I have same thoughts. I'm surprised how many models they released. Would love to know the company history.

Hi Johnboy and exe,

Tech Obsessed has a Power Designs Inc. History page
https://techobsessed.net/power-designs/

From my research the information on "Tech Obsessed's" page is pretty accurate with the exception of.

August 2006 - Solomon Technologies, Inc. announced that it has completed its acquisition of Technipower LLC, a Danbury, Connecticut-based manufacturer of power supplies and related equipment for the defense, aerospace and commercial sectors.

My research shows that Unipower LLC acquired Technipower in 2011, not 2012.

Greg (Barbouri)
Title: Re: POWER DESIGNS PRECISION POWER SUPPLIES
Post by: exe on November 07, 2019, 10:45:51 am
Tech Obsessed has a Power Designs Inc. History page
https://techobsessed.net/power-designs/

Thanks, Greg! I was hoping for a bit more, like a history from human perspective. Like, two friends got drunk in a garage, designed and assembled their first power supply over night, sold it with a good profit, then they decided to establish a business...
Title: Re: POWER DESIGNS PRECISION POWER SUPPLIES
Post by: rsjsouza on November 07, 2019, 02:32:38 pm
Tech Obsessed has a Power Designs Inc. History page
https://techobsessed.net/power-designs/

Thanks, Greg! I was hoping for a bit more, like a history from human perspective. Like, two friends got drunk in a garage, designed and assembled their first power supply over night, sold it with a good profit, then they decided to establish a business...

There is no history. Some of us believe something is really fishy with them:

As someone else hinted in a past discussion, I am suspicious they were in fact from another planet and graced us with their designs...

Glad someone else believes this, since there is no internet history on them.  If something exists then it will be on the internet.  Since "they" do not exist but their products exist, something must be going on.  A logical explanation is aliens made them for some purpose that we do not know about.  Like help develop something for space flight that will take us to another planet.  Once this theory is proven then the value of these supplies will greatly increase.  I just hope humans will not become a food source like I think about every time I look at my power supply.  God forbid, the PD is not the alien (but just in case I use kind words when I talk to my power supply)
Title: Re: POWER DESIGNS PRECISION POWER SUPPLIES
Post by: Johnboy on November 08, 2019, 08:23:38 pm
Thanks, Greg! I was hoping for a bit more, like a history from human perspective. Like, two friends got drunk in a garage, designed and assembled their first power supply over night, sold it with a good profit, then they decided to establish a business...

Well, as it turns out, you get your wish. I just got off the phone with the son of one of the Power Designs engineers, and some of the stories he told me are, frankly, fascinating. He seemed very surprised to hear from someone about the company, as his father was apparently more well-known for his later work with Venus Scientific. Unfortunately he passed away five years ago, so I cannot interview him directly. His son told me that his father was decorated with a gold pin for his design contributions to the Apollo missions for a power supply that went to the moon (!). So the "aliens" jokes can die now; I guess the aliens are us.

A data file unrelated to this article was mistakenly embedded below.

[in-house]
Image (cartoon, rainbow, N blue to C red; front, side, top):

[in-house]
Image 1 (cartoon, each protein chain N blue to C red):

The son said he would go see what he can find of his father's stuff related to Power Designs and will update me, and would appreciate any additional info we can dig up. I am collecting a list of links and other info to send him.

I'm not sure if I should post what I've learned here in this thread, or on eas' comment page, or make a new thread, or what. But there is obviously quite the story here, and I've been given a few new bites of info to work with that may produce even more information. I'm open to any suggestions.
Title: Re: POWER DESIGNS PRECISION POWER SUPPLIES
Post by: vindoline on November 08, 2019, 08:41:22 pm
Johnboy, this sounds really interesting! I would vote for adding the info to this thread to keep the PD info all in one place.
Title: Re: POWER DESIGNS PRECISION POWER SUPPLIES
Post by: Johnboy on November 08, 2019, 09:26:10 pm
Johnboy, this sounds really interesting! I would vote for adding the info to this thread to keep the PD info all in one place.

Noted. Maybe it should be put to a vote.

There are a couple of reservations in my mind about spilling here. This is an international forum, and this thread alone has hundreds of thousands of views. My bloodhound game wouldn't be difficult for many of the more IT-savvy members here to duplicate, to say nothing of the ghostly guests. The last thing I want is this poor guy to regret having ever called me back after receiving a bunch of calls in the middle of the night about the Power Designs company from all corners of the globe. He at one point even offered to send me a picture or two of his dad at work, so if that means anything to any of you, I would appreciate all of you letting me "lone wolf" this particular source of information for now.  If he becomes annoyed, that will also likely be the last of any information or cooperation from his end. With your collective discretion, we may be able to give something back (in a way) to the designer of these instruments. There are other family members still alive whom I haven't been able to contact directly yet, but their stories may also shed more light on the history of this company and its designs, so it's vital that that process doesn't get unduly replicated by well-meaning, incurably-curious entities, because then they'll start to avoid us. I'm not being grandiose here, I have just realized that this could backfire spectacularly. I'd like to have a list of questions to ask them when I call back, and I'd strongly encourage you to add your own, so I can do it right. Unfortunately the son is not an engineer (interesting story about that as well) so they can't be the technical questions we'd all like to ask of the designer himself. However, more broad questions about PDI that I might not have thought of would be great. Again, I am asking for all your cooperation, not demanding it. I'm probably as curious as most of you.